Monday, May 08, 2017


A few little things I’m beginning to figure out in this crazy, rocking, wreckage of a time.  They come from talking to real people, but more importantly from trying to listen to them.

Today I was in Cut Bank doing the wash and visited briefly with the wife-half of the ownership.  I’ve talked earlier about her husband, who is over ninety. a veteran of WWII who guarded the Nuremberg Trials and therefore has thought deeply about morality.  His wife is more practical, an order-keeper.  Obviously, she was able to see the erratic, foolish behavior of Trump and she said, “Why would they put someone like that in the presidency?”  It slipped her attention that the voters elected him, with a little help from the Russians.  

(The senators asked Yates and Clapper today whether the Russians actually made the difference in the election, and both agreed that there was impact, but no one could tell whether it actually changed the outcome.  Other stories have suggested that the crucial difference was that voters who would have favored any Democrat, regardless of who it was, were suppressed — which was easy because they were already stigmatized by color, illiteracy, poverty, etc.  In short, they "wouldn't know how to vote properly anyway.")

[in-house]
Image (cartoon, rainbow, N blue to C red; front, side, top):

Then she said,  “Oh, politics!  It’s just impossible  — it’s all fighting over nothing.”  But I’d been listening all morning to testimony making it very clear that there is a BIG difference between politics and government.  Politics is for elections and uproar may help get someone elected.  Government is about making the daily life of the country go forward smoothly and safely.  There was talk about dedicated career individuals. The senators today were sometimes playing politics and sometimes being concerned with governing honestly, legally.  (Some were chasing squrrels:  “I want to know who told the Washington Post these secret things?”)